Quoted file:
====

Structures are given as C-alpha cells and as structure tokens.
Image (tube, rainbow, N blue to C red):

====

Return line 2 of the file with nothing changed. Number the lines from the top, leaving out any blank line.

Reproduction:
Image (tube, rainbow, N blue to C red):